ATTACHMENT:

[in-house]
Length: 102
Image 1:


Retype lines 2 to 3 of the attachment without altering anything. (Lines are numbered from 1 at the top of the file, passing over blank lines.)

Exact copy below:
Length: 102
Image 1: